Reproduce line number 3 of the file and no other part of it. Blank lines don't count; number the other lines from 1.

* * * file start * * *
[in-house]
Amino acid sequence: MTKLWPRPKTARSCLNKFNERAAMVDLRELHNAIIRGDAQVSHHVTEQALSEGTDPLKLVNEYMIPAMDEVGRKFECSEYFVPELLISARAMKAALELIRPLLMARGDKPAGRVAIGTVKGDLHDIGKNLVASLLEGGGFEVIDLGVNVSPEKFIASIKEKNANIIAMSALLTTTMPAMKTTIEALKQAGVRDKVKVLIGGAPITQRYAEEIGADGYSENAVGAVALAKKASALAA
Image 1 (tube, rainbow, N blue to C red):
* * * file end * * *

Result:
Image 1 (tube, rainbow, N blue to C red):